Red Sox tell Franklin Morales to prepare as a starting pitcher

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Franklin Morales was used primarily out of the bullpen this past season, but new Red Sox manager John Farrell told Peter Abraham of the Boston Globe today that the current plan is for him to come into spring training as starting pitcher.

Morales had a 3.77 ERA and 76/30 K/BB ratio in 76 1/3 innings with the Red Sox this year before coming down with shoulder fatigue in late August. The 26-year-old southpaw enjoyed some success during a small sample in the starting rotation, posting a 4.14 ERA and 47/19 K/BB ratio in 45 2/3 innings over nine starts. Once considered one of the top pitching prospects in the game, it was his first stint as a starting pitcher since 2009 as a member of the Rockies.

As of now, the Red Sox have three locks for their rotation next season with Jon Lester, Clay Buchholz and Felix Doubront. John Lackey is coming off Tommy John surgery, but he should be in there too if he can avoid setbacks. The Red Sox would probably prefer to keep Morales in the bullpen, especially considering that he wore down toward the end of the season, so plans could change if they add a starting pitcher this offseason.

On a night full of letdowns, Yankees’ defense let them down the most

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Game 4 of the ALCS was a gigantic letdown for the Yankees for myriad reasons. They lost, first and foremost, 8-3 to the Astros to fall behind three games to one. Their fans continued to act boorishly. CC Sabathia exited with an injury, likely the final time he’ll pitch in his career. The offense went 0-for-7 with runners in scoring position.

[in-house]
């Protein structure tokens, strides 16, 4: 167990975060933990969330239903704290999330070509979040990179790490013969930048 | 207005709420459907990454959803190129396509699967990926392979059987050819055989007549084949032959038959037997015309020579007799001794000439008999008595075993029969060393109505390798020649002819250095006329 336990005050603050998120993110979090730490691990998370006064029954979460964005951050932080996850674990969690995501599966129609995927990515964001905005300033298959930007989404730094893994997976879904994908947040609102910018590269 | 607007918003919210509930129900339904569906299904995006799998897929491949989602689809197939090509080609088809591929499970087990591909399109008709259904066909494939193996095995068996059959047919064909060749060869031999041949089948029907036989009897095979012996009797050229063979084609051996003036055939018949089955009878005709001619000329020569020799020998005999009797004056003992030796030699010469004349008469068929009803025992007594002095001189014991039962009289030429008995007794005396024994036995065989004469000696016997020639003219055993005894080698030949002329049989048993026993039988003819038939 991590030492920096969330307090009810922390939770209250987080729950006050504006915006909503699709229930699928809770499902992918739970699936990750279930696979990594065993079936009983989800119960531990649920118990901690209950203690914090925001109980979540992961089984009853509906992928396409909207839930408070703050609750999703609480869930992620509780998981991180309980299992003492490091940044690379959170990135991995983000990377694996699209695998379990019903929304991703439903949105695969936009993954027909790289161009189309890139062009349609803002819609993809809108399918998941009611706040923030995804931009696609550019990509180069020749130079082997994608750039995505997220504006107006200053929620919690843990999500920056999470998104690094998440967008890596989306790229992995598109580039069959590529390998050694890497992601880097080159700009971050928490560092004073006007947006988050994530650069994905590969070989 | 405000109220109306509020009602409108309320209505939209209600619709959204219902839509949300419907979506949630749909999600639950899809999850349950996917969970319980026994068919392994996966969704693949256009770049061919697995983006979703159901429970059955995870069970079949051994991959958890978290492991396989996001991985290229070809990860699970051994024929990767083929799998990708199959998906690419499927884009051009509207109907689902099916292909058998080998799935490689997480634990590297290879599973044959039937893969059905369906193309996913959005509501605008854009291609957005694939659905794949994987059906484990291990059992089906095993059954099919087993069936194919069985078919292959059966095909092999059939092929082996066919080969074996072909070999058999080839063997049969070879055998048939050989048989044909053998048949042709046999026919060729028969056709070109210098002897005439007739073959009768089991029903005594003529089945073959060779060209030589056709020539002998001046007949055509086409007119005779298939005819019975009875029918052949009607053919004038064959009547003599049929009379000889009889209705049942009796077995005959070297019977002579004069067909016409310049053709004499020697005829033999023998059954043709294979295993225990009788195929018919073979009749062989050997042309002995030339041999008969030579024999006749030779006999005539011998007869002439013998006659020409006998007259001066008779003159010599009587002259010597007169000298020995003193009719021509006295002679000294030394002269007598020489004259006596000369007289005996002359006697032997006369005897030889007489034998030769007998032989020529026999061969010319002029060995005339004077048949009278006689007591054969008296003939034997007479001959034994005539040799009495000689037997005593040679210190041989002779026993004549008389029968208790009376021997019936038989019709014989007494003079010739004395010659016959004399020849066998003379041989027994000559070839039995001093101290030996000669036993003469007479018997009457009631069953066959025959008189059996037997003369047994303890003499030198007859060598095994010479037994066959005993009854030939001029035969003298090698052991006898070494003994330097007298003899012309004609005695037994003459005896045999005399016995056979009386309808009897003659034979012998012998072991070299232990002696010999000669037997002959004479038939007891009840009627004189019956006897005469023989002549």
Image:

The biggest letdown of the night, though, was the Yankees’ defense. They committed four errors, their highest total in a postseason game since committing five errors in Game 2 of the 1976 ALCS.

Make no mistake: the two three-run home runs hit by George Springer and Carlos Correa, given up by Masahiro and Chad Green respectively, were the big blows in the game. But the errors contributed to the loss and were downright demoralizing.

The first error came at the start of the top of the sixth inning, when Alex Bregman hit a cue shot to first baseman DJ LeMahieu. LeMahieu couldn’t read the bounce and the ball clanked off of his knee, allowing Bregman to reach safely. He would score later in the inning on Correa’s blast.

The Yankees committed two errors in the top of the eighth, leading to a run. Yuli Gurriel hit another grounder to LeMahieu, which he couldn’t handle. That not only allowed Gurriel to reach safely, but Bregman — who led off with a double — moved to third base. He would score when second baseman Gleyber Torres couldn’t handle a Yordan Álvarez grounder.

Error number four occurred when Altuve hit a grounder to Torres to lead off the top of the ninth. The ball skipped right under his glove. Facing Michael Brantley, Jonathan Loaisiga uncorked a wild pitch which advanced Altuve to second base. Brantley followed up with a line drive single to left field, plating Altuve for another run. Loaisiga would throw another wild pitch facing Bregman but that one didn’t come back to haunt him.

The Yankees can’t control injuries, the behavior of their fans, or how good the Astros’ pitching is on any given night. They can control the quality of their defense. On Thursday, it was a farce, and now they’re staring down the barrel of having to win three consecutive games against the Astros to stave off elimination.